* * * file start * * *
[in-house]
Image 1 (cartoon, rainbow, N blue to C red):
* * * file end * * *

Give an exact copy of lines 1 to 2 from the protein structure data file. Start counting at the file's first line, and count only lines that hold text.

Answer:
[in-house]
Image 1 (cartoon, rainbow, N blue to C red):